Tonight's been a night for browsing through my inbox. I've got some time off in a few weeks so the plan is to fully catch up with it then. While scrolling, I came across an e-mail from Matti from Finnish blackened hardcore band Vainoa. Vainoa released their newest EP Pelon Varjo back in February, so I'm only a few months late with this review!. It follows their 2018 split release with Shark Varnish and their Live In Joensuu EP, which was released digitally in early 2019. Vainoa is currently looking for a label to help with a physical release. 

There’s absolutely no time wasting on this release, with opener ‘Nayta Kuolemasi Minulle’ instantly kicking into a high gear with intense and fast blackened hardcore. Metallic guitars are joined by blasting percussion, truly shattering bass guitar and vocals that can hardly be contained. At times they’re typically low and at others they’re piercing screeches. The title-track ‘Pelon Varjo’ starts after little rest for breath and continues as the EP’s opener left off. There’s added melody here from synthesisers, which give Vainoa’s sound an added layer of intrigue and even a little extra catchiness. This isn’t pop by any stretch of the imagination but as with countless other Finnish bands that I’ve reviewed here, there’s something special and unique about it’s sound.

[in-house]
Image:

‘Vainot Eivat Paaty Koskaan’ adds more depth and screeching feedback to the EP. The latter isn’t something I’ve mentioned yet but it’s present, just as it is in every fast bands arsenal. While Vainoa’s pacier songs are really good, I can’t wait to hear them pull off a longer, maybe even slower song. Penultimate track ‘Aani Sen Menettaneille’ isn’t necessarily slower but is filled instead with punk attitude and the riffs to back it up. It does have it’s more lumbering moments though, with off-kilter breakdowns and sudden breakouts into meatier hardcore too. The song’s latter half brings to mind Mastodon’s progression and distills it into something very much of Vainoa’s own making.

The final song here is a cover of ‘Metalliset Kasvot’ by Finnish post-punk/goth band Musta Paraati. This is where Vainoa nods towards their influences and in doing so, produces the kind of dense and almost sludgy sound that I knew they were capable of. They’re putting their own take on a song that probably wasn’t meant to sound this heavy and it sounds glorious (in the darkest possible way). I love it when raging hardcore bands switch to a slower gear. That’s not taking anything away from Vainoa’s up-tempo backbone though, because it’s very good but I can just feel myself heading down a slower path right now and this song reinforces that.